Yes, this is what insidious groups like the Klan do. Taking over the government in DH is not the result of a military victory- there were no military forces involved, no generals; no rank and file soldiers. The entire time it was just police/CIA/vigilantes against masked terrorists.
     
  7. ThatGreekLady

    ThatGreekLady Fourth Year

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    I think we're getting out of topic no?

    Anyway, personally the Death Eaters remind me of ISIS.
     
  8. AgentSatan

    AgentSatan First Year

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    Out of curiosity how is it off topic?
     
  9. ThatGreekLady

    ThatGreekLady Fourth Year

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    Well, the topic is the symbolism of Slytherin , not what the Death Eaters were like.
     
  10. AgentSatan

    AgentSatan First Year

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    Most of slytherin grew up to be death eaters, and supporters of Voldemort.
     
  11. ThatGreekLady

    ThatGreekLady Fourth Year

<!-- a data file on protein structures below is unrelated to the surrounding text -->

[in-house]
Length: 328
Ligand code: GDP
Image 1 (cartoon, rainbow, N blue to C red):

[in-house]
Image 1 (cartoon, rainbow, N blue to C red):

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    Yes, but the point is that the details of the DE movements are largely irrelevant here. We're talking about the House as a whole. It doesn't matter what the DE were beyond the point that they were really bad guys.
     
  12. eeleht

    eeleht Squib

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    This isn't a theory, rather more of a comment on this thread, but it seems to always be assumed that Slytherin in itself is dark, evil, etc., whereas I believe that Slytherin represents ambition to the extent that somebody would be willing to commit actions regarded as "dark" or "evil". To support this ambition is a degree of self-preservation, which could be interpreted as cowardice, or being sneaky or sly.
    Even characters who do mot appear to be at all ambitious despite being in Slytherin could have ambitions that would not be noticed, or even misunderstood. For example, Crabbe and Goyle seem to be not at all ambitious to some, but I could see them being so dedicated to assisting Malfoy that they are willing to disregard their own academic development, and the only time they show self-preservation instinct is in the Room of Requirement, while the Fiendfire is destroying the room. This, to me, could be seen as a less obvious method of retaining the characteristics associated with Slytherin Houseb.
     
  13. ThatGreekLady

    ThatGreekLady Fourth Year

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    I believe I have thought of one more clue about why Slytherin was obviously meant to be a symbol for evil: Do you really think that the symbols of Gryffindor and Slytherin are coincidental? We know that Rowling uses a lot of Christian symbolism.